So, on Thursday, January 14 we shall don black tie and medals and welcome Jim and Maudie, and one of their children. There will be a few songs and some toasts, and we plan to meet for Cocktails at 6.00pm and Dine at 7.00. Please come one and all, and do call Tony Fay soon.
Arts Round Table
Wednesday, January 13, Noon at the ICA lobby.
The Arts Round Table will leap at the last chance to see “Leap Before you Look: Black Mountain College 1933-1957” at the ICA, Boston. Among the roster of Black Mountain faculty and students represented at the ICA show are Josef and Anni Albers, John Cage, Willem de Kooning, and Robert Rauschenberg. Writing for the NYTimes Holland Cotter called it “one of the season’s most atmospheric historical shows.”
As the curator, Helen Molesworth, has moved to the Museum of Contemporary Art in Los Angeles, we will be guiding ourselves through the exhibit. Meet in the ICA lobby at noon. No reservations necessary.
Wednesday, January 20, 12:15 p.m.
Who Said That? or Historical Conundrums Pithily Put: “Oh senseless man, who cannot possibly make a worm, and yet will make Gods by dozens.” A discussion to be led by our own Stephen Clark who will provide us with other aphorisms to tease our intellects and provoke our curiosity. Extra points if you can recognize the savant who made the above comment. If you feel qualified, you are welcome to bring your own epigrammatical wisdom, but if not, no worries, Steve will have plenty of examples. Guests welcome Call Tony to reserve.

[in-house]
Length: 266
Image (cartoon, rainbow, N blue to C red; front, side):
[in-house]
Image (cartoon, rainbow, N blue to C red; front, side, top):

The MeistUsingers will meet on Thursday, January 21, at 12:20 in the theatre. Please let Tony Fay know if you intend to stay for lunch.
Committee on Elections Meeting
Monday, Jan. 25, 5:30 pm, Library
On Wednesday, January 27 at noon the Book Club will meet to discuss Corelli’s Mandolin by Louis de Bernières. This novel, set in Cephalonia in World War 2, brims with the grand topics of literature – love and death, heroism and skulduggery, humor and pathos, not to mention art and religion. Ed Tarlov and Bob Osteen, fresh from sailing the surrounding Ionian Sea, will lead discussion. We may even have a mandolin and mandolinist in attendance. For the future, so you have time to read, on March 23 our own Clive Foss will lead discussion of his book Tyrants: 2500 Years of Absolute Power and Corruption, and on April 27 Ike Williams will lead discussion of Ford Maddox Ford’s The Good Soldier, winner of this year’s Boston Public Library 100 year retroactive Book Award for 1915.
Tuesday, January 26, 12.15 pm